Bloomberg Línea — The S&P 500 failed to mark its 70th record of the year on Tuesday and returned to losses as contagion from the Omicron variant of Covid-19 increased, with an unprecedented number of daily cases worldwide, with Monday’s moving seven-day average was around 841,000 cases, an increase of 49% over the previous month.
The index closed with a loss of 0.10%, while the Dow Jones gained 0.26% and the Nasdaq Composite shed 0.56%. The fall in tech shares put the brakes on the index’s gains after shares in the tourism sector recovered after a fall on Monday.
Companies such as Microsoft, Alphabet and Apple quoted in the red during a session marked by a low volume of shares traded.
“I don’t think that today’s setback is an omen of new declines, but the seasonally low volume of this week combined with unusually higher volatility at the individual stock level means that an errant headline could give us significant movement in either direction as we move into the last leg of 2021,” Max Gokhman, chief investment officer at AlphaTrAI, told Bloomberg.
In Latin America, Mexico announced that it will stop exporting oil as of 2023, amid a self-sufficiency plan by the government of Andrés Manuel López Obrador, while Argentina entered the U.S. travel restrictions list.
Here is our market summary:
- Amid the escalation of Covid-19 cases in the country during the last few weeks, the U.S. Centers for Disease Control and Prevention (CDC) on Tuesday elevated Argentina to its list of high-risk countries for international travelers.
- Moderna doses will work in Argentina within the framework of heterologous schemes, in combination with other vaccines, the country announced, and César Sanz Rodríguez, Moderna’s vice president of Medical Affairs Europe, Middle East and Africa, emphasized the value of the vaccine as a booster dose.
- More than 15 years after it was last used, the Trans-Andean pipeline (Otasa) will become operational again, allowing the export of oil from Argentina to Chile.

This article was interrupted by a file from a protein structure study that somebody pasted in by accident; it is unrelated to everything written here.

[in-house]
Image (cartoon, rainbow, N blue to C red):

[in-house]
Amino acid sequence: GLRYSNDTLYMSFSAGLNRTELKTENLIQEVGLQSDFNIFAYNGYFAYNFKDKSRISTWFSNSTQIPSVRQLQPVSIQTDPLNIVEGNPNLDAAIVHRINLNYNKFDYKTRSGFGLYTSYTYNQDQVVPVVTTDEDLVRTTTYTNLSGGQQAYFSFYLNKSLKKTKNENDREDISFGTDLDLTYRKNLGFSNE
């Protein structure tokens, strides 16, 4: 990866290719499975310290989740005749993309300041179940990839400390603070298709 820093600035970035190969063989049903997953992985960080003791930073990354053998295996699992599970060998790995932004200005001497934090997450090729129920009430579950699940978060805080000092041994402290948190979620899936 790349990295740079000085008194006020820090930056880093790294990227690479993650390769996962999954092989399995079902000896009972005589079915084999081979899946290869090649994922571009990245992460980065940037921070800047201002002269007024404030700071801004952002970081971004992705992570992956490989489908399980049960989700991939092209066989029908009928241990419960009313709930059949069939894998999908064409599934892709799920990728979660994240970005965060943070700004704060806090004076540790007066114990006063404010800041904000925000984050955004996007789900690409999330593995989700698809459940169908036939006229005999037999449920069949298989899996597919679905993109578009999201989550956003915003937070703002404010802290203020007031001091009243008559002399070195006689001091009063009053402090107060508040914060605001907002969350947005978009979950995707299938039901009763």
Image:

- From this Tuesday, December 28, Colombia will require that all the population over 12 years of age present a vaccination card proving complete vaccination to access events or leisure sites, the Ministry of Health said, and that presentation of the document is mandatory in large-scale events.
- Colombia’s business regulator has imposed fines on members of a trade union for not providing the information and documents required in the framework of the investigation into irregularities in a million-dollar connectivity contract for rural schools.
- The trade federation of Antioquia department informed that talks are under way between Mercadería Justo & Bueno and its suppliers amid the complex legal and financial situation that the Colombian company is going through in the midst of its restructuring process.
- Mexico plans to end crude oil exports in 2023 as part of a strategy of the nationalist government of President Andrés Manuel López Obrador to achieve self-sufficiency in the local fuel market.
- Market volatility, derived from fears of new variants of the virus and challenges to the economy, have caused more than 15 of the 35 issuers that make up the S&P/BMV IPC to show the most attractive returns, according to analysts.
- Mexico will begin administering booster vaccines to teachers starting in 2022, Undersecretary of Health Hugo Lopez-Gatell said during a press conference Tuesday, Bloomberg reported.
- Chilean financial holding CorpGroup Banking, controlled by Álvaro Saieh, presented a plan to liquidate its holdings that would leave unsecured bondholders with only 4 cents on the dollar, Bloomberg reported.
- The S&P IPSA’s one-year price-to-earnings ratio of 8.7x is the lowest since at least 2006, marking an attractive entry point, LarrainVial analysts Alexander Varschavsky and Leopoldo Silva wrote in a note.
- Beer packs were the most ordered beverages and hamburgers the preferred food on the tables of Uber Eats app users in Ecuador. In addition, customers showed that they prefer their dishes “without onions”, as the most requested special instruction in food.
- Although the U.S. dollar has appreciated significantly against the Peruvian sol so far in 2021 (more than 9%), the last week of the year has been positive for the Peruvian currency. Thus, for the fifth consecutive session the dollar exchange rate closed lower, with the U.S. currency retreating 0.31% against the sol.